Curious Relics #013: The Finest Mauser – M96 Swedish Mauser Part III
Welcome back to everyone who has been following along so far and also welcome if you are new to our Curious Relics bi-weekly segment here at AllOutdoor! The last time around I covered Part I and Part II of the M96 Swedish Mauser string of articles. So far we have covered the History, Variations, Specifications, Range Time, and Aftermarket Parts and Accessories. This time around I am excited to say that I worked really hard to dive deep for everyone out there and hopefully be of help on some M96 Swedish Mauser bits that tend to be confusing. Let’s dive right into the deep stuff!
Welcome to our recurring series of “Curious Relics.” Here, we want to share all of our experiences, knowledge, misadventures, and passion for older firearms that one might categorize as a Curio & Relic – any firearm that is at least 50 years old according to the ATF. Hopefully along the way you can garner a greater appreciation for older firearms like we do, and simultaneously you can teach us things as well through sharing your own expertise and thoughts in the Comments. Understanding the firearms of old, their importance, and their development which lead to many of the arms we now cherish today is incredibly fascinating and we hope you enjoy what we have to share, too!
Disc Deep Dive: M96 Swedish Mauser
The stock disc is always a point of conversation or curiosity to many who are not familiar with these old military rifles. The disc on my personal rifle is a reproduction one for looks since my stock did not come with one. In the M96 Swedish Mausers life, there are two types of discs (one newer than the other). I will just refer to the older one as Type 1 and the newer one as Type 2.
The first initial Type 1 disc was used when the 156-grain bullet was the standard. This disc was typically made of brass, but there are examples of zinc and aluminum out there also. The Type 1 discs would be secured to the inlet circle in the stock by two wood screws. These discs tend to look simpler than the Type 2 discs since they only include some form of unit/regimental marking, rack number, and branch of service. Branches of service were marked as follows:
- Artillery: “A”
- Infantry: “I”
- Reserves: “T”
- Navy: “K.FL”
That being said, if your Type 1 disc looked like my crude drawing below then it would mean that the rifle was an infantry rifle belonging to the 17th regiment and was rack number 360.
The Type 2 stock disc gets much more complicated looking with the introduction of the 139-grain Torped (spitzer) bullet. Luckily, my Mauser has this disc and I do not have to draw it. The Type 2 disc has two separate versions (I know it gets complicated so bear with me), but they are similar enough for me to generalize. Each is split into three parts: one is for bore and throat erosion measurements, another is the portion that reads “Torped/Överslag/Str” which would be noting the holdover for this specific rifle, and lastly, the smallest portion denoted the bore condition ranging 1 to 3 (1 being slight erosion and 3 being heavy erosion, but serviceable). A more in-depth examination of stock discs can be found here.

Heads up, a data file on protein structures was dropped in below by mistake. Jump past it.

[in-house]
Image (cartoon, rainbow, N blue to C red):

Range Chart Deep Dive: M96 Swedish Mauser
As seen above there is a yellow-looking sticker on the stock next to the disc. Not all Swedish Mausers were outfitted with these range charts, but my stock came with one, albeit a very damaged one. Range charts were a product of the switch to the new grain weight of 139 in a spitzer bullet. This was supposed to help the user determine the bullet’s ballistic path. These range charts were either metal plates or film decals (like mine) and would be placed upside down to make it easy for the user to look down and do their math. The decal table is labeled “Avständ” (Range) on one column and “Site/Rp” (Sight Setting) in the next one over. The user would first set his range, find it on the chart, and then see how to hold (in decimeters) or where they should expect impact.
End of Part III: M96 Swedish Mauser
I genuinely hope that the information compiled above is of help to anyone out there struggling to decipher their M96 Swedish Mauser or any Swedish Mauser variation. It is tough enough that these discs and decals/plates are in a different language. Now that the basics have effectively and tediously (you have no idea) been gone through I hope you have some room for suspense because my favorite Curious Relics article so far is the one right after this one! Stay tuned for the bang!
In closing, I hope our Curious Relics segment informed as well as entertained. This all was written in hopes of continued firearm appreciation and preservation. We did not just realize how guns were supposed to look and function. It was a long and tedious process that has shaped the world we live in. So, I put it to you! Is there a firearm out there that you feel does not get much notoriety? What should our next Curious Relics topic cover? As always, let us know all of your thoughts in the Comments below! We always appreciate your feedback.